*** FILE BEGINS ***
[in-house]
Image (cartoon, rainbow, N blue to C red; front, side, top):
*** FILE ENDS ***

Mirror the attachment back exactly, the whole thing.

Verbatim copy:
[in-house]
Image (cartoon, rainbow, N blue to C red; front, side, top):